When it comes to winter weather situations, though, the attendance doesn’t matter. We know the travel conditions are going to prevent fans from coming. All UAH can do is play the games and take the attendance hit.

Brophy added: “It was definitely bare bones regarding vendors, off ice officials (some could not get there due to icy roads), and volunteer help, but we pulled it all together and made it work. Our number one goal was to have a quality college hockey game and we achieved that goal.”

Fortunately, this situation is very rare, but it’s not the first time that winter weather in Huntsville and UAH hockey have crossed paths.

That game on Jan. 10, 1997? The attendance was 574, the lowest in UAH’s varsity hockey history, for a 9-0 win over Bentley. Primary cause: It snowed all afternoon.

I worked in the UAH sports information department at the time, and the dusting that covered the grass when I arrived at the VBC turned into a two inches when I left. While that in itself wasn’t much, like Friday of this week it had done a number on the untreated roads, making travel rather difficult. I lived in Madison, but to be safe I only went as far as UAH and stayed with friends on campus overnight.

That was also a Friday. I was back at the VBC the next afternoon to work the game as the Chargers finished a sweep of Bentley, 7-3. Attendance for that game was 1,007.

But nothing compares to what happened 30 years ago this month. On February 1, 1985, an ice storm dumped several inches of ice and snow, paralyzing north Alabama, knocking out power for days. Yet, UAH played two games against Notre Dame at the Von Braun Civic Center. This was during the Chargers’ last season at the club level. Longtime supporter Terry Long describes his experience:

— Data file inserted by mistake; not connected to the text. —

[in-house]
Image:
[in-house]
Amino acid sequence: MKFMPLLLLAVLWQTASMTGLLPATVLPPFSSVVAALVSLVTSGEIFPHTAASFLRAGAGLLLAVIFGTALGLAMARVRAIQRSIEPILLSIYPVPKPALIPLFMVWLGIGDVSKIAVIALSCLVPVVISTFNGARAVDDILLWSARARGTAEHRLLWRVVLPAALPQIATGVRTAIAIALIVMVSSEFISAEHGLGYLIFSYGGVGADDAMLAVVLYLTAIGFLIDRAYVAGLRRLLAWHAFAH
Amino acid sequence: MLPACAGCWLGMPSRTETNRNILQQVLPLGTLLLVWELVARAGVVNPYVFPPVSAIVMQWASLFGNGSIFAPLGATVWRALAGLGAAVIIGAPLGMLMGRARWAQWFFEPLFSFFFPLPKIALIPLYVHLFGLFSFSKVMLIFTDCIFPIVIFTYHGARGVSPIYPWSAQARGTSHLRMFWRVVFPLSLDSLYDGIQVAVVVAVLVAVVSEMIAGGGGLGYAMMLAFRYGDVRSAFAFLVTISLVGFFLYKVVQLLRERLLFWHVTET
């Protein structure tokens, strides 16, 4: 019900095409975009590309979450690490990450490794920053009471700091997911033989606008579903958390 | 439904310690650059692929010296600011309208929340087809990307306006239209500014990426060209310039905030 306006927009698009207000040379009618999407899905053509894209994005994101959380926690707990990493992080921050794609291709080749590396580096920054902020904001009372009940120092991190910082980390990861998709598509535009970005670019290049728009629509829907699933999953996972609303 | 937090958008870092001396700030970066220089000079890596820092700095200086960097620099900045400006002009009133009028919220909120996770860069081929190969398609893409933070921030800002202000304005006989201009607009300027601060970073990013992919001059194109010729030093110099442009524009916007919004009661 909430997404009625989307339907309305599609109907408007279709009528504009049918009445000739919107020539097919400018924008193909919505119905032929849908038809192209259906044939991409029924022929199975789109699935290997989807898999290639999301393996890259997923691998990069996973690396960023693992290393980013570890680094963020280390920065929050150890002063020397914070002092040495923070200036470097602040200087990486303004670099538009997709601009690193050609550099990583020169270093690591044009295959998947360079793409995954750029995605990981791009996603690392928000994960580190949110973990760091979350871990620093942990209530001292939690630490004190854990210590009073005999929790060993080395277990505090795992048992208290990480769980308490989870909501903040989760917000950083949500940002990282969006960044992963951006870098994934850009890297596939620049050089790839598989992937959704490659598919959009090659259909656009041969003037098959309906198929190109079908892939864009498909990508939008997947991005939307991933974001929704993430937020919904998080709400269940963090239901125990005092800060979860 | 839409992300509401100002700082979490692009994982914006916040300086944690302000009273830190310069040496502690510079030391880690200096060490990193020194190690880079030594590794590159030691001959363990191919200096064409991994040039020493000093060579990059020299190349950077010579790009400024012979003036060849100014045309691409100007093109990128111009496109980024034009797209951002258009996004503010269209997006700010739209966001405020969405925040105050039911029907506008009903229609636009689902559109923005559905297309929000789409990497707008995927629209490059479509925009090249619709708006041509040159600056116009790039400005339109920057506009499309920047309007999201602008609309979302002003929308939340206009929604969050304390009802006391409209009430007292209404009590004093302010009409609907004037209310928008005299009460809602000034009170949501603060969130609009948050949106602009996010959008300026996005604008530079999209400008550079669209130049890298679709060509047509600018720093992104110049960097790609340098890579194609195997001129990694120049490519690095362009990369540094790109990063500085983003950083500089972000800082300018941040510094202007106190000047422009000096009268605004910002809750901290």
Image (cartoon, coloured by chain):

It’s Friday morning, February 1, 1985. I’m attending a technical short course in Sarasota, Fla. My wife has declined to join me for the weekend because Notre Dame hockey is coming to Huntsville.

Someone calls me out of the lecture telling me that I have an emergency phone call. My wife is frantic telling me that there are five inches of ice on the ground and roads, more is predicted, 50,000 homes are without power in the city, the Notre Dame hockey team is already in town, UAH has announced that the game will be played as scheduled, and come home to take her to the game.

The officials and the Notre Dame team were staying at the Hilton [now the Holiday Inn], which is across the street from the arena. And, the main power lines for the core of the city came into a station about a block from the arena. Given that the participants could skate to one of the few places in the area with power, the game was going to proceed.

I grew up slightly north of here where people actually navigated on ice and snow in the winter. And, I had a vehicle equipped with studded snow tires and a positive-traction rear-end.

Being concerned about the damage that may be occurring to our property, I decided to try to get home. Knowing that jets probably wouldn’t be landing in Huntsville, I made my reservations on a commuter airline that flew Twin Otter aircraft into Huntsville. That was wise because the jet flights were all indeed canceled by the time I got to Atlanta. After arriving in Huntsville, I then found an intrepid van driver who took over an hour to travel the few miles from the airport to our flatland home on the west side of Huntsville.

Well, we made it to game. The sight from the front steps of the VBC of transformers continuing to create blue fireballs in the remaining areas with power is still memorable. The announced attendance was 154.

Johnny Robinson, a.k.a. Squiggy, was the referee. It was a great game. The final score was 7-7. At one point, there were five men from each side in the penalty boxes. And, there was even a goalie-goalie altercation at center ice. It was a true Squiggy game, for those who remember him.